To the list of casualties lost to the ongoing COVID-19 pandemic, add the reputation Utah cultivates as The Best Managed State®.
The Republicans who control the Utah Legislature and sit in the governor’s office reasonably brag about the state’s image as a well-oiled machine, with rapid economic growth, low taxes and efficient public services. When the measuring stick is the hassle, or lack thereof, involved in getting a license to drive or hunt or open a business, to file taxes or register to vote, the smugness is justified.
But properly managing a state involves a lot more than just good customer service. It requires someone to actually govern.
For an example to follow, our elected officials should look to a part of the state establishment that is doing its job - the independently managed public colleges and universities. Those institutions have made the correct decision to mandate vaccines for students who plan to attend in-person classes starting next semester. Individual exemptions are allowed, but it is unlikely that many will be sought or granted as more people accept the necessity of this public health mandate.
Gov. Spencer Cox, Senate President Stuart Adams and House Speaker Brad Wilson expressed support for the college’s actions when they were announced. Clearly they should go beyond that passive support and see to it that the colleges’ example be followed by all state agencies, public schools and large employers.
At least they should drop their performative opposition to the workplace safety order issued by President Joe Biden, the one that requires either vaccination or weekly testing at all companies with at least 100 employees.
The argument that our state officials are standing up for individual liberty by opposing Biden’s jab-or-test requirement is without merit. The argument that a decision to vaccinate or not affects only the person making that choice, and not everyone they encounter, is palpably false.
Our leaders might as well defend the right of their constituents to drive 70 mph through school zones or to pee on the floor in restaurants. The example they set has left us with people who are disgracefully hostile to health care workers, who disrupt public meetings, schools that thought about sweeping case counts under the rug and families that won’t cooperate with schools’ efforts to test and trace.
What information is available indicates not only that majorities of Americans favor vaccination requirements for workplaces and health care facilities, but also that they have proven to be the final nudge that many of us needed to do the right thing.
The core responsibilities of state and local governments do, in times of crisis, include more assertive acts to stand up to hazards that will, left unaddressed, directly threaten our lives, our liberty and our pursuit of happiness.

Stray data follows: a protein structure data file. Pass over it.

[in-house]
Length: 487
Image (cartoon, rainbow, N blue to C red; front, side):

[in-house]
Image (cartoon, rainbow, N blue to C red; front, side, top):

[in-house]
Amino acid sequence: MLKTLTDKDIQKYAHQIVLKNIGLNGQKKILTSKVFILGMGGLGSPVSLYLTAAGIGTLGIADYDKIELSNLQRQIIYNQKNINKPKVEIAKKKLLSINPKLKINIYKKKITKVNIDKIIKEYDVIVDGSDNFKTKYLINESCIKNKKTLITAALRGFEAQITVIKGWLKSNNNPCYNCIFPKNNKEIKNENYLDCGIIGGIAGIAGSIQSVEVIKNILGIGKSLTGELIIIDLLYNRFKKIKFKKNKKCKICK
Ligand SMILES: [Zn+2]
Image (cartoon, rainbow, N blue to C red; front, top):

We enjoyed a welcome lull in case counts over the summer, and a sense of relief occasioned by the arrival of not one, but three, effective vaccines. But now positive tests, hospitalizations and deaths in Utah are starting to climb to levels that are at or above where they were a year ago, when we were rightly panicked about how bad things might get as the school year began and winter approached.
Even people who haven’t contracted coronavirus are negatively affected by its spread. Business is suffering. Education is disrupted. Nurses are exhausted and are seeking other jobs. People stricken by other maladies, from cancer to heart attacks, can’t find room in our overcrowded hospitals.
So what are our state leaders doing in the face of all this? Moving to protect us from coronavirus variants? To make it safe to go to school, to work, to the store?
Not a bit of it.
Instead, our top elected officials are bragging about standing in the way of mask mandates and vaccine requirements, in the process all but guaranteeing that the pandemic will linger and more will die.
The Legislature made it so difficult to install mask mandates on public schools that the only place such a necessary step has been taken is in Salt Lake City. And that only happened because Mayor Erin Mendenhall was so determined to do the right thing that she scared up a legal work-around to state restrictions.
Eighteen months ago, Salt Lake City had one of the highest rates of coronavirus cases in the state. Today, after Mendenhall’s order, the Salt Lake City School District has the lowest transmission rate among the county’s five school districts.
Meanwhile, Cox, Attorney General Sean Reyes and the Republican majorities of the Legislature and of the Salt Lake County Council are more concerned with maintaining their reputations as states rights crusaders than they are in saving the lives and livelihoods of their constituents.
State Rep. Paul Rey did serious damage to the state’s public health efforts when he used a committee hearing as a platform to go off on Intermountain Healthcare, accusing its leadership of faking a crisis of overcrowding in order to evade blame for its own mismanagement.
There was no rational basis for what Ray said and, even though he later walked back his comments a bit, the damage was done.
This is not just failure to lead. It is actively doing damage to the health of the community and may literally cost someone’s life.
If Utah finds its way out of another deadly wave of the pandemic, it will be in spite of our state government, not because of it.